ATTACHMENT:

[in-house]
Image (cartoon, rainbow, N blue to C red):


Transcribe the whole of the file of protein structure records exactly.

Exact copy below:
[in-house]
Image (cartoon, rainbow, N blue to C red):